María Elena Hernández Caballero
Hernández Caballero, María Elena (La Habana, Cuba, 1967). Poeta y novelista. Reside en Miami desde 2016. Ha publicado los poemarios: El oscuro navegante (1987), Donde se dice que el mundo es una esfera que Dios hace bailar sobre un pingüino ebrio (1989), Premio David de la Unión de Escritores y Artistas de Cuba; Elogio de la sal (1996), Electroshock-palabras (2001), La rama se parte (2013), Yo iba tranquila dentro de una bala (2016) y La noche del erizo (2018). Además, es autora de la novela Libro de la derrota (2010, reeditada en 2015). Poemas aparecen incluidos en antologías sobre poesía cubana actual como Retrato de grupo (Letras Cubanas), Un grupo avanza silencioso (UNAM, México), Otra Cuba secreta (Ed Verbum) y 80 años de poesía cubana (Duke University Press 2017). Presenta este año Tres metros cuadrados de purgatorio (Hypermedia).
Marcelo Hernandez Castillo
Marcelo Hernandez Castillo was born in Mexico and immigrated to the United States at age five through the mountains of Tijuana. He is a CantoMundo Fellow and is the first undocumented student to graduate from the University of Michigan's Creative Writing MFA program. He cofounded Undocupoets, for which he was awarded the 2016 Barnes & Noble Writers for Writers Award from Poets & Writers. His poems, essays, and translations have appeared in PBS NewsHour, New England Review, Gulf Coast, Indiana Review, Southern Humanities Review, and BuzzFeed, among others. In Cenzontle (BOA Editions), a highly lyrical, imagistic debut, Marcelo Hernandez Castillo creates a nuanced narrative of life before, during, and after crossing the US/Mexico border. These poems explore the emotional fallout of immigration, the illusion of the American dream via the fallacy of the nuclear family, the latent anxieties of living in a queer brown undocumented body within a heteronormative marriage, and the ongoing search for belonging. Finding solace in the resignation to sheer possibility, these poems challenge us to question the potential ways in which two people can interact, love, give birth, and mourn―sometimes all at once.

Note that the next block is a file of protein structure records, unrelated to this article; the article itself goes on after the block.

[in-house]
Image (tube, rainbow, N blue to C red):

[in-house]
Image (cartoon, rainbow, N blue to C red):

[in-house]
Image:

Juan Felipe Herrera
Juan Felipe Herrera is a poet, performance artist, and activist. The son of migrant farm workers, he was the U.S. Poet Laureate from 2015–2017. Herrera has published more than a dozen collections of poetry, in addition to short stories, young adult novels, and children’s literature. In Jabberwalking (Candlewick), Juan Felipe Herrera, the first Mexican-American Poet Laureate in the USA, is sharing secrets: how to turn your wonder at the world around you into weird, wild, incandescent poetry. Can you walk and talk at the same time? How about Jabber Walk? Can you write and draw and walk and journal all at the same time? If not, you’re in luck: exuberant, blue-cheesy cilantro man Juan Felipe Herrera, Poet Laureate of the United States, is here to teach you everything he knows about being a real-life, bonified, jabberwalking poet! Jabberwalkers write and speak for themselves and others no matter where their feet may take them — to jabberwalk is to be a poet on the move. And there’s no stopping once you’re a Jabberwalker, writing fast, fast, fast, scribble-poem-burbles-on-the-run. Scribble what you see! Scribble what you hear! It’s all out there — vámonos!
Marjorie Herrera Lewis
Marjorie Herrera Lewis knew early on she wanted a career related to sports. After several years at small newspapers, at age twenty-seven she began working at the Fort Worth Star-Telegram. Soon after, she was named a beat writer for the Dallas Cowboys and eventually joined the Dallas Morning News sportswriting staff. She presently teaches media ethics at the University of North Texas. She is the author of When the Men Were Gone: A Novel (William Morrow). Football is the heartbeat of Brownwood, Texas. Every Friday night for as long as assistant principal Tylene Wilson can remember, the entire town has gathered in the stands. Now, the war has changed everything. Most of the Brownwood men over 18 and under 45 are off fighting. Could this mean a season without football? But no one counted on Tylene, who learned the game at her daddy’s knee. She does the unthinkable, convincing the school to let her take on the job of coach. Faced with extreme opposition—by the press, the community, rival coaches, and referees and even the players themselves—Tylene remains resolute. Based on a true story, When the Men Were Gone is a powerful and vibrant novel of perseverance and personal courage.